Hess Corp., a partner in the Exxon Mobil Corp.-driven exploration effort that has led to 13 oil and gas discoveries offshore Guyana, has increased the estimated gross discovered recoverable resources on the Stabroek Block to more than 6 billion barrels of oil equivalent (Bboe).

The higher estimate, up from 5.5 Bboe, comes amid ongoing exploration and appraisal (E&A) activity on the block and after three discoveries were made this year. That is enough to put at least five FPSOs to work producing more than 750,000 gross barrels of oil per day (bbl/d) by 2025.

Second-quarter 2019 highlights included successful results from the Hammerhead-2 and Hammerhead-3 appraisal wells, which both hit oil-bearing sandstone reservoirs.

“The Hammerhead well results … really demonstrated three things. First of all, both had high-quality reservoirs, the DST [drillstem test] on Hammerhead-3 showed very good mobility and finally, very good connectivity,” Hess COO Greg Hill told analysts July 31 on an earnings call. “All three wells are in pressure communication, so that bodes well for a development.”

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The results will be used by project partners—Hess, Exxon Mobil and CNOOC—in development studies underway for the 6.6 million-acre block. Partners envision a “multi-FPSO kind of situation” given volumes found between the Liza and Turbot complexes.

The latest discovery, Yellowtail, was the fifth discovery in the greater Turbot area, which Hess said underpins “another potential major development hub.”

Development Continues

Meanwhile, development work already underway is progressing. As the 120,000 bbl/d-capacity Liza Destiny FPSO makes her way from Singapore with an anticipated September arrival in Guyana, the Noble Bob Douglas drillship is busy drilling Phase 1 development wells. About 70% of the installation of subsea umbilicals, risers and flowlines is complete.

“The project is on track to achieve first oil by the first quarter of 2020,” Hill said.

Fabrication of the Liza Unity FPSO, which will be used for Liza Phase 2, is underway. The vessel, which will have a production capacity of 220,000 bbl/d, will develop about 600 million barrels of oil with first oil expected by mid-2022, Hill said.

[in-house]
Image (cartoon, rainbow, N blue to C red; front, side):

“A third phase of development at Payara is expected to have a gross capacity of between 180,000 and 220,000 barrels of oil per day with first oil on track for 2023,” he said, later adding, “Guyana continues to get bigger and better.”

More Exploration, Appraisal

Exploration drilling is now focusing on the southeast part of the block between Turbot and Liza. Three or four wells will be drilled starting this year, Hill said.

“We continue to see a lot of upside in that area,” he added.

Over the next six months, plans are to drill the Ranger-2 appraisal well, which Hill said will be on the windward side of the historic carbonate reefs. “We expect higher porosity because that’s the portion of the reef that was subjected to wave action and also rainwater, etc.,” he said. This will be followed by a logging and coring program and DST as the team looks for reservoir quality and to establish connectivity.

The first exploration well for second-half 2019 will be Tripletail. By year-end, two or more exploration wells could be spud, adding to needs for a fourth drillship in the fourth quarter.

Results from the E&A work will be used to form development plans.

Next year, the team will spud a well in the Kaieteur Block, and Hess will spud a well in Block 42 well offshore nearby Suriname.

“I think it’s important that we continue to add to the inventory of exploration prospects on the block,” Hill said. “That represents multibillion barrels of upside. There’s going to be an extensive E&A program over the next several years in Guyana for sure.”

Looking Forward

Given the success offshore Guyana and market conditions, some analysts wondered whether the developers would encounter a resource “luxury problem” of sorts.

“Is there a point at which there is simply too much inventory and you change plans accordingly?” asked Paul Sankey, managing director for Mizuho. Or does the long-term potential of the development mean planned activity levels are stable and plans won’t change, he said.

The most capital efficient route to maximized financial returns is a phased approach, the route Hess and partners are taking offshore Guyana, according to CFO John Rielly. Production from Liza 1, which is running ahead of schedule, is set to begin in 2020, followed by Liza 2 in mid-2022. A year later Payara is expected to crank up. Results of E&A work underway will give definition on future needs.

“It’s very manageable from a financial perspective and we, Exxon and CNOOC are totally aligned about maximizing value from this opportunity that we have,” Rielly said.

He called Guyana a “very low-cost development,” noting the breakeven Brent price of $35 per barrel for Liza 1 and $25 for the larger Liza 2. “They’re going to be very well situated to fit into the world’s oil market.”

But he acknowledged headwinds: GDP slowing global demand growth, impact of U.S. shale and moves by OPEC to “keep the market balanced to have an oil price high enough for investment and low enough for demand.”

“Volatility is something we have to live with and obviously that’s why we want to build a portfolio that has a low cost per barrel so we have resilient returns in almost any price environment,” he said.

Velda Addison can be reached at vaddison@hartenergy.com.